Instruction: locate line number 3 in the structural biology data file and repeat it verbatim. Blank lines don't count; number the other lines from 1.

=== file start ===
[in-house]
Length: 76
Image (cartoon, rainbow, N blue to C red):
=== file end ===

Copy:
Image (cartoon, rainbow, N blue to C red):